In the above equation, E(Ri) is the expected value of a stock i, Rf is the risk free rate, and [E(RM) - Rfβ]i is the risk premium for the stock being considered. In turn, the risk premium comprises the beta factor, which measures the sensitivity of the stock's rate of return to changes in the market return, and the equity risk premium, E(RM) - Rf, which is the premium for the market portfolio. Of course one could expect that the beta factor changes over time with the changes in the general state of the economy. This situation has been studied in papers like Ferson & Schadt (1996) who proposed a formulation in order to estimate a time-varying conditional beta, which is consistent with the CAPM (and the semi-strong form of market efficiency)4.

Since the general state of the economy is captured by the behavior of the market return, then a high beta implies that the stock tends to pay off more when the level of economic activity (including consumption) is high and consequently the marginal utility is relatively low. Therefore, the stock will sell for a relatively low price and have a relatively high average rate of return (Mehra, 2003). This relationship between the equity risk premium and the level of economic activity can also be seen in the Consumption-Based Capital Asset Pricing Model of Breeden (1979) which in turn is a generalization of Merton's (1973) model. Finally, in general terms:

The deus ex machina in asset-pricing theory is that assets are priced in such a way that, ex ante, the loss in marginal utility incurred by sacrificing current consumption and buying an asset at a certain price is equal to the expected gain in marginal utility contingent on the anticipated increase in consumption when the asset pays off in the future (Mehra, 2003, p. 55).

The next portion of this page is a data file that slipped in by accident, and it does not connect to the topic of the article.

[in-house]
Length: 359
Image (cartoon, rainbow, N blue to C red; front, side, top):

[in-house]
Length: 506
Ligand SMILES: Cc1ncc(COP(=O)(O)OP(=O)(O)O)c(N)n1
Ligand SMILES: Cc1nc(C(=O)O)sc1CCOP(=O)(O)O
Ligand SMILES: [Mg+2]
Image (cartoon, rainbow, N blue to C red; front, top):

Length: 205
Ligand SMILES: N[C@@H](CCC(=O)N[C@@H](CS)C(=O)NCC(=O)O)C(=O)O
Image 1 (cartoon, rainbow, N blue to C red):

Business cycles

Business cycles refer to the fluctuations of aggregate economic variables about their long-run trend, and there have been important efforts to identify the features of these fluctuations.

Nowadays, to capture the short-run behavior of the level of economic activity, the cyclical components are extracted from the series, finding its long-run trend and then making a differential between the observed value and the trend. Usually this process is done through the mechanical filter of Hodrick-Prescott (1997), but little or nothing has been explored about the Kalman (1960) filter in this field5.

While the first method is the most used, in recent decades has also been one of the most criticized because the exogenous determination of the required smoothing parameter is up to the discretion of the investigator, and the ends of the trends are not correctly defined and lead to a possible spurious behavior in the observed data. Hence, this paper also introduces the Kalman (1960) filter as an alternative to capture long-run trends and thus estimating cycles. This filter is basically an algorithm to process data, which allows obtaining long-run trends for non-stationary series6.

Following Misas & López (1998, p. 5) this filter performs a much more stylized decomposition than the previous methods mentioned, since the cyclic part of the series is explicitly specified, and the trend is more related to the shocks of the series, i.e. its potential component. On the other hand, allows, unlike other methods:

The representation of a state-space flexible enough to incorporate a structure with sufficient information, but that maintains its parsimony. In addition, this methodology can generate confidence intervals and projections out of sample directly from the estimates, a result that is very attractive when formulating policies (Gallego & Johnson, 2001, p. 31).

It should be noted that the results should differ in their quantitative values because of the different methods utilized, but the results should be qualitatively similar.

The mechanical filter of Hodrick- Prescott (FHP)

The conceptual framework of this filter consists in that a series Yt, equals the sum of its growth and its cyclical components. Thus the values above or below the trend are:

Where gt and Ct are the growth and the cyclical components respectively. If the average of Ct is approximately zero for long time periods, then the growth component can be found solving the following programming problem (Hodrick & Prescott, 1997, p. 3):

Where λ is the parameter that penalizes deviations around the trend component and hence the higher its value, the smoother the series found7. Thus, periods in which the difference between the observed value of economic activity and its trend is greater than zero Ct > 0 correspond to times of high levels of economic activity (expansion) and periods where the difference is less than zero (Ct > 0), reflect periods of low economic activity (recession).

The Kalman filter (FK)

To start with the Kalman filter, it is necessary to set the state-space model that estimates the trend: